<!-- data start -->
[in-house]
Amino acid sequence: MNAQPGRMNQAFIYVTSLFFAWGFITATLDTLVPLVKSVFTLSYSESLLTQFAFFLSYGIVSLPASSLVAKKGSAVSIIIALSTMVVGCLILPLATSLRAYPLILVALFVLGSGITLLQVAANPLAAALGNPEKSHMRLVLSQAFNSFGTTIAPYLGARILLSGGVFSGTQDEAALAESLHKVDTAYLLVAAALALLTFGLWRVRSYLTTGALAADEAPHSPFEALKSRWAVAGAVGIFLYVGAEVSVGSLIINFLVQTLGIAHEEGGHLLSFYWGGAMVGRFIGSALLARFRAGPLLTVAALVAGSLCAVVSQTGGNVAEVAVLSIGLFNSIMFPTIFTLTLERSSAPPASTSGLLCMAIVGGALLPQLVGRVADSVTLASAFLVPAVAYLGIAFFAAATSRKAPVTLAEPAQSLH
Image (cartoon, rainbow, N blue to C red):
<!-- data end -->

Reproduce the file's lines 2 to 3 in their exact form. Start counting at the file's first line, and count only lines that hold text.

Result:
Amino acid sequence: MNAQPGRMNQAFIYVTSLFFAWGFITATLDTLVPLVKSVFTLSYSESLLTQFAFFLSYGIVSLPASSLVAKKGSAVSIIIALSTMVVGCLILPLATSLRAYPLILVALFVLGSGITLLQVAANPLAAALGNPEKSHMRLVLSQAFNSFGTTIAPYLGARILLSGGVFSGTQDEAALAESLHKVDTAYLLVAAALALLTFGLWRVRSYLTTGALAADEAPHSPFEALKSRWAVAGAVGIFLYVGAEVSVGSLIINFLVQTLGIAHEEGGHLLSFYWGGAMVGRFIGSALLARFRAGPLLTVAALVAGSLCAVVSQTGGNVAEVAVLSIGLFNSIMFPTIFTLTLERSSAPPASTSGLLCMAIVGGALLPQLVGRVADSVTLASAFLVPAVAYLGIAFFAAATSRKAPVTLAEPAQSLH
Image (cartoon, rainbow, N blue to C red):